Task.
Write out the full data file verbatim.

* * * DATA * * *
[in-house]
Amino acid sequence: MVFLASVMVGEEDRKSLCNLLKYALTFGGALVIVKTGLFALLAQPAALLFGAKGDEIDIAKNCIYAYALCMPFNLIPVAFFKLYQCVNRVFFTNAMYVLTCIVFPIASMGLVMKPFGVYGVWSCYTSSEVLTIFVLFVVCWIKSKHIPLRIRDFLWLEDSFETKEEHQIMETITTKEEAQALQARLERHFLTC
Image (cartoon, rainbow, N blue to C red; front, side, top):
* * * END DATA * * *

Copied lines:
[in-house]
Amino acid sequence: MVFLASVMVGEEDRKSLCNLLKYALTFGGALVIVKTGLFALLAQPAALLFGAKGDEIDIAKNCIYAYALCMPFNLIPVAFFKLYQCVNRVFFTNAMYVLTCIVFPIASMGLVMKPFGVYGVWSCYTSSEVLTIFVLFVVCWIKSKHIPLRIRDFLWLEDSFETKEEHQIMETITTKEEAQALQARLERHFLTC
Image (cartoon, rainbow, N blue to C red; front, side, top):